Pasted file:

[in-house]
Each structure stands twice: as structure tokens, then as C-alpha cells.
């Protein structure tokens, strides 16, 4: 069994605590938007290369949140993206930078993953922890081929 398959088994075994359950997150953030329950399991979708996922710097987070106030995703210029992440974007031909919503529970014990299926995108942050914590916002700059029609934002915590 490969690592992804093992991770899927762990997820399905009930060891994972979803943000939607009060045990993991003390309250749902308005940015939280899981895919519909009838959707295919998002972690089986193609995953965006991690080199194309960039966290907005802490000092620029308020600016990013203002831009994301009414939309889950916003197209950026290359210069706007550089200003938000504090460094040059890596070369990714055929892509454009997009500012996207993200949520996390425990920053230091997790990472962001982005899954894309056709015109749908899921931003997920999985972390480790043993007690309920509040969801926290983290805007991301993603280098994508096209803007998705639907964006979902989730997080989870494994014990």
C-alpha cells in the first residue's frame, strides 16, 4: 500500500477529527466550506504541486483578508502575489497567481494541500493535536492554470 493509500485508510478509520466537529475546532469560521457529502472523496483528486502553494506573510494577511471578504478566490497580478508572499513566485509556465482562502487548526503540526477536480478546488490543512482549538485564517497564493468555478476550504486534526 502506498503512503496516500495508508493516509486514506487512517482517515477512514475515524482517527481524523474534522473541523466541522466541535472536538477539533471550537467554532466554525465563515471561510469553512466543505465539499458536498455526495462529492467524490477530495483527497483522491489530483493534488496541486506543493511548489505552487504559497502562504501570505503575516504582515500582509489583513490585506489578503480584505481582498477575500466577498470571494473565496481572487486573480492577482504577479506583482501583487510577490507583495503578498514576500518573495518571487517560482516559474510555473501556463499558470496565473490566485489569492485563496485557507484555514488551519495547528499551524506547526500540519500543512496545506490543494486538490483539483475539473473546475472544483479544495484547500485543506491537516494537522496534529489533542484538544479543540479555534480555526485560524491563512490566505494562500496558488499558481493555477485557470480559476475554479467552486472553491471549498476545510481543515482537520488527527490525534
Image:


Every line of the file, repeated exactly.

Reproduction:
[in-house]
Each structure stands twice: as structure tokens, then as C-alpha cells.
């Protein structure tokens, strides 16, 4: 069994605590938007290369949140993206930078993953922890081929 398959088994075994359950997150953030329950399991979708996922710097987070106030995703210029992440974007031909919503529970014990299926995108942050914590916002700059029609934002915590 490969690592992804093992991770899927762990997820399905009930060891994972979803943000939607009060045990993991003390309250749902308005940015939280899981895919519909009838959707295919998002972690089986193609995953965006991690080199194309960039966290907005802490000092620029308020600016990013203002831009994301009414939309889950916003197209950026290359210069706007550089200003938000504090460094040059890596070369990714055929892509454009997009500012996207993200949520996390425990920053230091997790990472962001982005899954894309056709015109749908899921931003997920999985972390480790043993007690309920509040969801926290983290805007991301993603280098994508096209803007998705639907964006979902989730997080989870494994014990």
C-alpha cells in the first residue's frame, strides 16, 4: 500500500477529527466550506504541486483578508502575489497567481494541500493535536492554470 493509500485508510478509520466537529475546532469560521457529502472523496483528486502553494506573510494577511471578504478566490497580478508572499513566485509556465482562502487548526503540526477536480478546488490543512482549538485564517497564493468555478476550504486534526 502506498503512503496516500495508508493516509486514506487512517482517515477512514475515524482517527481524523474534522473541523466541522466541535472536538477539533471550537467554532466554525465563515471561510469553512466543505465539499458536498455526495462529492467524490477530495483527497483522491489530483493534488496541486506543493511548489505552487504559497502562504501570505503575516504582515500582509489583513490585506489578503480584505481582498477575500466577498470571494473565496481572487486573480492577482504577479506583482501583487510577490507583495503578498514576500518573495518571487517560482516559474510555473501556463499558470496565473490566485489569492485563496485557507484555514488551519495547528499551524506547526500540519500543512496545506490543494486538490483539483475539473473546475472544483479544495484547500485543506491537516494537522496534529489533542484538544479543540479555534480555526485560524491563512490566505494562500496558488499558481493555477485557470480559476475554479467552486472553491471549498476545510481543515482537520488527527490525534
Image: